Here at Revolver, we pride ourselves in living on the cutting edge of heavy music, from metal and hardcore to industrial and goth, and we try to keep you on the front line, too, by giving you a deep look at the innovative noisemakers poised to shape the sound and the scene. To that end, we've rounded up a handful of artists who, we think, are on the rise across several different genres. Spanning from LES hardcore (Krimewatch) to primitive death metal (Mammoth Grinder) to dungeon synth (Old Tower), these are five bands you'll want to get on now before everyone else does.
When the term "crossover" was created, it basically designated thrash bands playing with the speed and ferocity of punk, or punk bands discovering the full power of the distortion pedal. Now, with groups like Primal Rite, crossing between the two genres is much more complicated — if a hardcore band adds solos, start-stop rhythms, growling vocals and dive-bombs, are they still a hardcore band? And does it really matter? This Bay Area sextet nods its collective heads to everyone from Negative Approach to Cro-Mags to Slayer to Integrity and all stops in between on their new LP Dirge of Escapism — call it what you will, it's a vicious onslaught of pit fodder that maintains a compelling sense of melodicism. Get it via Revelation Records on January 26th
Despite Chris Ulsh's allegiance to Power Trip, Iron Age, Impalers and too many more to name, Mammoth Grinder has been — and always will be — his personal vehicle. Started in college with drummer Brian Boeckman (who has since left the band), the new look MG features two members of Iron Reagan, and to good effect. Though several death-metal forebearers rear their ugly head during the length of their new LP Cosmic Crypt (due on 1/26 via Relapse), none of their influences stay long enough to overwhelm the group's creative individuality. "We never wanted to be a worship band," says Ulsh. "But ... [if I had to choose, then] the biggest influence is Master." Good by us.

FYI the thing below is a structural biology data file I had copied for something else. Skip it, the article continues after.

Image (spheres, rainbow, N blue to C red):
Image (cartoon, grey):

This Slovakian band has slowly and quietly gained momentum on the strength of their positively stupendous Nordkarpatenland, a 10-track effort released on cassette, CD and Bandcamp on Halloween last year. One of the most memorable LPs of 2017, it saw the group seamlessly mixes black metal, ambient atmospherics, folk passages, classic heavy metal and more, all the while carving out insanely memorable riffs. Now with the announcement of a set of select U.S. dates, look for the band's cult following to grow by leaps and bounds.
On the eve of the release of their debut full-length for Lockin' Out (due in February), the NYC quartet of singer Rhylli Ogiura, bassist Emma Hendry, drummer Shayne Benz and guitarist Sean Joyce has already accomplished more than they planned for with their "career." "We just wanted to play music that we liked and hopefully our friends would come to see us," explains Hendry of the initial goals for the band. Yet in the short two-plus years of its existence, the outfit has traveled internationally, playing festival after festival including Not Dead Yet and Sound & Fury. Krimewatch's success all makes sense — not only are their shows and songs fun and furious, but they also nod to NYHC greats like Agnostic Front, Cause for Alarm and Outburst in all the right ways.
So what the hell is "Dungeon Synth"? Fact is, you've probably known about it for some time and never realized: It's the dark synth parts that have shown their face in early black metal, like the Burzum "prison" records and Mortiis's Ånden Som Gjorde Opprør, and within the Summoning catalog. Old Tower is dungeon synth through and through, and the new LP Stellary Wisdom mixes those keyboard lines with eerie atmospherics to create the perfect ambient album to which any metalhead can chill out, get work done — or prepare to slay the Uruk-Hai at the battle of Helms Deep. Get it on February 9th via Profound Lore.